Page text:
English versus Continental Knitting

So, what’s the deal with English versus Continental knitting? It’s all to do with which hand you hold the working yarn in – left or right. There are infinite personal flavors of knitting style, but these are the two categories. One or the other knitting style tends to be predominant based on your geographical location. Most of us living in the United States are English-style knitters. Supposedly, (disclaimer: I learned this on the internet) Continental knitting fell out of favor in the United States during World War II due to its association with Germany.

English knitting is most common in North America and Western Europe. English knitters are often called “throwers” because they hold the working yarn in their right hand and “throw” it around the right needle in order to make a new stitch. Throwing requires a whole-hand movement, and typically involves letting go of the right needle for a brief second in order to throw the yarn.

These terms all mean the same thing:

  • English Knitting
  • American Knitting
  • Throwing

Left: Kim knitting English-style at Maine’s Fastest Knitter Race. Right: Andi knitting Continental-style at Maine’s Fastest Knitter Race.

Continental knitting is most common in Eastern Europe, Northern Europe and South America. Continental knitters are often called “pickers” because they hold the working yarn in their left hand, and “pick” it with their right needle in order to make a new stitch. It requires more finger motion and less hand motion. Among masters of this technique, Continental knitting is often considered faster than English knitting because it requires smaller, more efficient hand movements. (It makes a certain logical sense, but the video below begs to differ.) Continental knitting also may be easier to learn for new knitters with crocheting experience because the motion is more similar to crochet. 

These terms all mean the same thing:

  • Continental Knitting
  • German Knitting
  • Picking

Knowing both styles can be beneficial for several reasons:

  • If you ever suffer from hand and wrist fatigue, switching back and forth periodically will relieve the stress caused by the alternate technique.
  • If you’re doing stranded color work, you can use both techniques at one time by holding one color in each hand.
  • The two techniques will usually result in different levels of tension. You can use this to your advantage if you’re trying to achieve a specific stitch gauge!
  • Personal enlightenment – the more things you know, the better, right?

Now, let me clear up a few misconceptions about English and Continental knitting.

First, neither style is particularly better for left-handed knitters. Nor is there any reason for lefties to favor knitting backwards, as in moving stitches from the right needle to the left as they’re worked. If you like to knit that way, then I salute you – expect confusion over pattern comprehension and inter-knitter communication, but never feel constrained! Both English and Continental knitting styles and the usual left-to-right direction work just as well for people of either dominant hand persuasion. I promise. I’m a lefty and I’ve met and taught a lot of fellow lefties.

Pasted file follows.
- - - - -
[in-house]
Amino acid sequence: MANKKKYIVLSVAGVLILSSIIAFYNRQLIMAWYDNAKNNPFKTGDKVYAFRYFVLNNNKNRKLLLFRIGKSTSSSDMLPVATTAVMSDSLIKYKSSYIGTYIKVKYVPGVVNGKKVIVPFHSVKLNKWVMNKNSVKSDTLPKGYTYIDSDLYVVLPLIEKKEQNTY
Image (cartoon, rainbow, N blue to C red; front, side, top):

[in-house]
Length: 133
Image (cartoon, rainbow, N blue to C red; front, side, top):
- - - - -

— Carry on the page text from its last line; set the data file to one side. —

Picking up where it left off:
Second, some people believe that English or Continental knitting is the best way, the correct way, the fastest way, or otherwise objectively better than the other way, but of course there’s no wrong way when all paths lead to knitting satisfaction!

Third, whether you choose English or Continental style has no impact on the actual structure of the knitted fabric. You can not tell which technique was used by looking at the work. However, there is a whole other blog post that Mim already wrote about stitch mount and yarn wrap direction, which do impact the structure of the fabric! If you’ve ever heard of “Eastern Knitting”, that refers to a knitted fabric in which all of the stitches are twisted.

I’m sure you will enjoy this video – in 2008 Hazel Tindall, an English-style knitter, was declared the world’s fastest knitter by the Guinness Book of World Records!

If you want to learn whichever technique you don’t know yet, we’ve got a class coming up this Sunday! Mim is planning on teaching the English knitters how to knit Continental and the Continental knitters how to knit English. Just like when you were a brand new knitter, trying out the other method may feel completely awkward at first. Having a teacher to show you exactly what to do with your hands will probably help!

 

Written by Lauren Chesis

Lauren Chesis

One Comment on “English versus Continental Knitting

  1. I love watching Hazel Tindall knit! As an English dominant knitter (meaning I am fluent in both but my default method is throwing), I feel vindicated when the Continental folks start to feel superior about their speed. I’m no wise as fast as Hazel, but I’m pretty speedy with my throwing method. I can’t wait to teach you all how to expend your knitting tool box by picking up the method you don’t have yet, be it English or continental xo

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